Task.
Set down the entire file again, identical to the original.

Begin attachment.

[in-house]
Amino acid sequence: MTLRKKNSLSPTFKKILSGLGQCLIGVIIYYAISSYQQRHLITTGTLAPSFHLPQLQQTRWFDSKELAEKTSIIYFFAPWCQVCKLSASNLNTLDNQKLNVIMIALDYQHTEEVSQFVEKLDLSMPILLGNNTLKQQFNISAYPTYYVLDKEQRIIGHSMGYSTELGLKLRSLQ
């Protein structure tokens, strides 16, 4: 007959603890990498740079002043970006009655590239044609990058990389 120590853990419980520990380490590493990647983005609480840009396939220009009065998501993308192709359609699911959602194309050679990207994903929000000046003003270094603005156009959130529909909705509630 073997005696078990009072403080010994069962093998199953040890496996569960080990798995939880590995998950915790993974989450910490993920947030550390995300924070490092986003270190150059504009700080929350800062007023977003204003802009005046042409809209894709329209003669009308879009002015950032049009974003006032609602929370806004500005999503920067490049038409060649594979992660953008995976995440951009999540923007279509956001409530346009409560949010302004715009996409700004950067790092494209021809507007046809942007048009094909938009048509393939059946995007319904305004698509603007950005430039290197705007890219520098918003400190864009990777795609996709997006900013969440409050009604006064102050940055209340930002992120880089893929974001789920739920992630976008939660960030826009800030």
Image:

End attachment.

[in-house]
Amino acid sequence: MTLRKKNSLSPTFKKILSGLGQCLIGVIIYYAISSYQQRHLITTGTLAPSFHLPQLQQTRWFDSKELAEKTSIIYFFAPWCQVCKLSASNLNTLDNQKLNVIMIALDYQHTEEVSQFVEKLDLSMPILLGNNTLKQQFNISAYPTYYVLDKEQRIIGHSMGYSTELGLKLRSLQ
């Protein structure tokens, strides 16, 4: 007959603890990498740079002043970006009655590239044609990058990389 120590853990419980520990380490590493990647983005609480840009396939220009009065998501993308192709359609699911959602194309050679990207994903929000000046003003270094603005156009959130529909909705509630 073997005696078990009072403080010994069962093998199953040890496996569960080990798995939880590995998950915790993974989450910490993920947030550390995300924070490092986003270190150059504009700080929350800062007023977003204003802009005046042409809209894709329209003669009308879009002015950032049009974003006032609602929370806004500005999503920067490049038409060649594979992660953008995976995440951009999540923007279509956001409530346009409560949010302004715009996409700004950067790092494209021809507007046809942007048009094909938009048509393939059946995007319904305004698509603007950005430039290197705007890219520098918003400190864009990777795609996709997006900013969440409050009604006064102050940055209340930002992120880089893929974001789920739920992630976008939660960030826009800030």
Image: